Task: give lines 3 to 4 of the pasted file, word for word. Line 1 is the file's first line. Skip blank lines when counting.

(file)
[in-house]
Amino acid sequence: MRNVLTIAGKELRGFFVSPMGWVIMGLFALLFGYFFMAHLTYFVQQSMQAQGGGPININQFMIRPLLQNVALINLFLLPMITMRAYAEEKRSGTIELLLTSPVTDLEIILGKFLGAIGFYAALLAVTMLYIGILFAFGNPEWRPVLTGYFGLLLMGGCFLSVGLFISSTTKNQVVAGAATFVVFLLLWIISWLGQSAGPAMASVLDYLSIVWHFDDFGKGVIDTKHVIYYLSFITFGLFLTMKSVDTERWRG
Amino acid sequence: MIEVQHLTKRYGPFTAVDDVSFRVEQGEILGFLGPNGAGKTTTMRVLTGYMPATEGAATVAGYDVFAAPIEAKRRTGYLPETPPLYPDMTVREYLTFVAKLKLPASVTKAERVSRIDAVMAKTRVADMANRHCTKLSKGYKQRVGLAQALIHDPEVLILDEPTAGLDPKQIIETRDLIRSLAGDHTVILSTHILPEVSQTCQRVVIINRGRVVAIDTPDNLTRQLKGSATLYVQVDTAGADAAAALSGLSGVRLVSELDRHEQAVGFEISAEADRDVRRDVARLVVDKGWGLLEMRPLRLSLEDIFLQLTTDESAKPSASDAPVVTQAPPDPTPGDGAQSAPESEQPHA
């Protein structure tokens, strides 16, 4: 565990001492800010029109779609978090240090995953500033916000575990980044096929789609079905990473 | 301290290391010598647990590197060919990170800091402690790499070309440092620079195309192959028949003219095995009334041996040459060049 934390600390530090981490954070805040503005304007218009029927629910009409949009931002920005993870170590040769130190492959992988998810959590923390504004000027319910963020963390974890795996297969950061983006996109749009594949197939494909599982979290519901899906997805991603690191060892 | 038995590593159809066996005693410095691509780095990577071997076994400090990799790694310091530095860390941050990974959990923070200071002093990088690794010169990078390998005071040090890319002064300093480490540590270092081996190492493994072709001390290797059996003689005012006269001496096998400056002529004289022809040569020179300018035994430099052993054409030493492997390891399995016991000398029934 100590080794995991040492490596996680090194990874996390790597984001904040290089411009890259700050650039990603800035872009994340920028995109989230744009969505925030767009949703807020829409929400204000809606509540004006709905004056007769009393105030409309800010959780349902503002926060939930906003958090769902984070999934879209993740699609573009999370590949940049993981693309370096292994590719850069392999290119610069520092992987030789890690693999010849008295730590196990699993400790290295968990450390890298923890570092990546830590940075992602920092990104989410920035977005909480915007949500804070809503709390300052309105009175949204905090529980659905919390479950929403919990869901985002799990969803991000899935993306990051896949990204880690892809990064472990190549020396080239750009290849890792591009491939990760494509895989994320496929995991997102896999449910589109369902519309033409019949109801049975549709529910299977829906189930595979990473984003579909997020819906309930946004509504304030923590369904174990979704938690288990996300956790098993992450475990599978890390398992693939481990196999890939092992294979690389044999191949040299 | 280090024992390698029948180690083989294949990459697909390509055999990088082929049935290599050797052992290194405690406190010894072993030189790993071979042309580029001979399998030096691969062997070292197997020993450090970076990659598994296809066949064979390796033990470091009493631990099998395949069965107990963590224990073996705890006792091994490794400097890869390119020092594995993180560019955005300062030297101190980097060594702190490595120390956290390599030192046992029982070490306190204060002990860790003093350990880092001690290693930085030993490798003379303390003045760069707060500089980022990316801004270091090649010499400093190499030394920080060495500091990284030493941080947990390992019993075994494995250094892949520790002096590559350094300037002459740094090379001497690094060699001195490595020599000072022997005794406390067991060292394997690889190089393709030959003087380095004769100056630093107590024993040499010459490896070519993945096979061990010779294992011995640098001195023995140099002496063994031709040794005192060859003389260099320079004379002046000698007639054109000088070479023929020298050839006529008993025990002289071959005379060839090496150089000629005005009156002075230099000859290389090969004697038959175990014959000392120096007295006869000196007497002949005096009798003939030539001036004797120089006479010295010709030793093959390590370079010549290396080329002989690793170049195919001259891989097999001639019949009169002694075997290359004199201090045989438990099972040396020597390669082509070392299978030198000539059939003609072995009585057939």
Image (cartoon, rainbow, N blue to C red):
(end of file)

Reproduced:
Amino acid sequence: MIEVQHLTKRYGPFTAVDDVSFRVEQGEILGFLGPNGAGKTTTMRVLTGYMPATEGAATVAGYDVFAAPIEAKRRTGYLPETPPLYPDMTVREYLTFVAKLKLPASVTKAERVSRIDAVMAKTRVADMANRHCTKLSKGYKQRVGLAQALIHDPEVLILDEPTAGLDPKQIIETRDLIRSLAGDHTVILSTHILPEVSQTCQRVVIINRGRVVAIDTPDNLTRQLKGSATLYVQVDTAGADAAAALSGLSGVRLVSELDRHEQAVGFEISAEADRDVRRDVARLVVDKGWGLLEMRPLRLSLEDIFLQLTTDESAKPSASDAPVVTQAPPDPTPGDGAQSAPESEQPHA
């Protein structure tokens, strides 16, 4: 565990001492800010029109779609978090240090995953500033916000575990980044096929789609079905990473 | 301290290391010598647990590197060919990170800091402690790499070309440092620079195309192959028949003219095995009334041996040459060049 934390600390530090981490954070805040503005304007218009029927629910009409949009931002920005993870170590040769130190492959992988998810959590923390504004000027319910963020963390974890795996297969950061983006996109749009594949197939494909599982979290519901899906997805991603690191060892 | 038995590593159809066996005693410095691509780095990577071997076994400090990799790694310091530095860390941050990974959990923070200071002093990088690794010169990078390998005071040090890319002064300093480490540590270092081996190492493994072709001390290797059996003689005012006269001496096998400056002529004289022809040569020179300018035994430099052993054409030493492997390891399995016991000398029934 100590080794995991040492490596996680090194990874996390790597984001904040290089411009890259700050650039990603800035872009994340920028995109989230744009969505925030767009949703807020829409929400204000809606509540004006709905004056007769009393105030409309800010959780349902503002926060939930906003958090769902984070999934879209993740699609573009999370590949940049993981693309370096292994590719850069392999290119610069520092992987030789890690693999010849008295730590196990699993400790290295968990450390890298923890570092990546830590940075992602920092990104989410920035977005909480915007949500804070809503709390300052309105009175949204905090529980659905919390479950929403919990869901985002799990969803991000899935993306990051896949990204880690892809990064472990190549020396080239750009290849890792591009491939990760494509895989994320496929995991997102896999449910589109369902519309033409019949109801049975549709529910299977829906189930595979990473984003579909997020819906309930946004509504304030923590369904174990979704938690288990996300956790098993992450475990599978890390398992693939481990196999890939092992294979690389044999191949040299 | 280090024992390698029948180690083989294949990459697909390509055999990088082929049935290599050797052992290194405690406190010894072993030189790993071979042309580029001979399998030096691969062997070292197997020993450090970076990659598994296809066949064979390796033990470091009493631990099998395949069965107990963590224990073996705890006792091994490794400097890869390119020092594995993180560019955005300062030297101190980097060594702190490595120390956290390599030192046992029982070490306190204060002990860790003093350990880092001690290693930085030993490798003379303390003045760069707060500089980022990316801004270091090649010499400093190499030394920080060495500091990284030493941080947990390992019993075994494995250094892949520790002096590559350094300037002459740094090379001497690094060699001195490595020599000072022997005794406390067991060292394997690889190089393709030959003087380095004769100056630093107590024993040499010459490896070519993945096979061990010779294992011995640098001195023995140099002496063994031709040794005192060859003389260099320079004379002046000698007639054109000088070479023929020298050839006529008993025990002289071959005379060839090496150089000629005005009156002075230099000859290389090969004697038959175990014959000392120096007295006869000196007497002949005096009798003939030539001036004797120089006479010295010709030793093959390590370079010549290396080329002989690793170049195919001259891989097999001639019949009169002694075997290359004199201090045989438990099972040396020597390669082509070392299978030198000539059939003609072995009585057939």